# Type classes in idris: proving away constraints and ensuring totality

Sometimes you have disjoint but covering class instances for a type in idris. TLDR: you can use idris’ proof language and the curry-howard correspondence to both statically bind the instances **and prove that disjoint class instance types are total** in the same way that writing a total function is a self evident proof of its own totality.

module Mainimport System

import Data.Bool

import Decidable.EqualityisEven : Nat -> Bool

isEven Z = True

isEven (S Z) = False

isEven (S (S x)) = isEven xdata EvenOrOddNumber : (n : Nat) -> (b : Bool) -> Type where

EON : (n : Nat) -> EvenOrOddNumber n (isEven n)rawNat : EvenOrOddNumber n b -> Nat

rawNat (EON n) = nimplementation Show (EvenOrOddNumber _ True) where

show x = “even “ ++ (show (rawNat x))implementation Show (EvenOrOddNumber _ False) where

show x = “odd “ ++ (show (rawNat x))

In the repl, we can try it out:

`λΠ> show (EON 3)`

“odd 3”

λΠ> show (EON 4)

“even 4”

But when we add:

`main : IO ()`

main = do

args <- getArgs

putStrLn $ show $ EON $ length args

Something a bit unexpected happens:

`- + Errors (1)`

` — src/Main.idr line 28 col 13:

While processing right hand side of main. Can’t find an implementation

for Show (EvenOrOddNumber (length args) (isEven (length args))).

src/Main.idr:28:14–28:38

24 |

25 | main : IO ()

26 | main = do

27 | args <- getArgs

28 | putStrLn $ show $ EON $ length args

^^^^^^^^^^^^^^^^^^^^^^^^

How does one fix this?

The answer is the curry-howard correspondence! Functional programs are proofs of type systems. We can use idris’ proof language to erase the constraint obligation and statically determine the instances to be used. We can start with a skeleton that asks whether isEven is true in proof form.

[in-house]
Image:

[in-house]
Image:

`showEON : {n : Nat} -> EvenOrOddNumber n (isEven n) -> String`

showEON _ with (decEq (isEven n) True)

showEON _ | Yes prf = ?showT

showEON _ | No contra = ?showF

And then we can ensure that each of these cases does show on an instance whose type is statically determinable to be implemented.

In this case, we’ll declare a local variable with a type that matches one of our cases:

`showEON _ | Yes prf =`

let

toShow : EvenOrOddNumber n True

toShow = ?showT

in

show toShow

This doesn’t have a constraint obligation because it trivially has the same shape as an instance of show for our EvenOrOddNumber.

We can use the language of proofs to construct this value by **changing the result type back to what we get from the EON constructor.**

`showEON _ | Yes prf =`

let

toShow : EvenOrOddNumber n True

toShow =

rewrite sym prf in

?eon_n -- Main.eon_n : EvenOrOddNumber n (isEven n)

in

show toShow

Shows that we can replace ?eon_n with EON n and this works.

The No case is trickier as is tradition with decEq, but we can start to sketch the proof like this:

showEON _ | No contra = -- contra : isEven n = True -> Void

let

notEven : (isEven n = False)

notEven =

?notEvenEven toShow : EvenOrOddNumber n False

toShow = ?showF

in

show toShow

So how do we get notEven from contra? Our new friend invertContraBool and some helpers.

`invertBoolFalse : {a : Bool} -> not a = True -> a = False`

invertBoolFalse {a = True} prf impossible

invertBoolFalse {a = False} prf = Refl

And done:

let

invertedContra : (not (isEven n) = True)

invertedContra = invertContraBool (isEven n) True contra notEven : (isEven n = False)

notEven = invertBoolFalse invertedContra toShow : EvenOrOddNumber n False

toShow =

rewrite sym notEven in

EON n

in

show toShow

And finally:

`$ idris2 --build ./tc.ipkg `

$ ./build/exec/tc

odd 1

$ ./build/exec/tc foo

even 2

$ ./build/exec/tc `ls -1`

even 4

So what have we learned?

- As I explored a while ago, you can use class constraint obligations as a (maybe even gentler) stand-in for proof obligations while writing type-heavy code.
- Using a class method on an object whose type unambiguously matches one instance statically uses that instance and doesn’t pass on a constraint obligation.
- You can use the language of proofs to rewrite a result type so that a value you hold can be held by an alias with a stronger type via rewrite.
- You can use strengthened types to both discharge constraint obligations and show totality even though we’re required to keep class instances disjoint.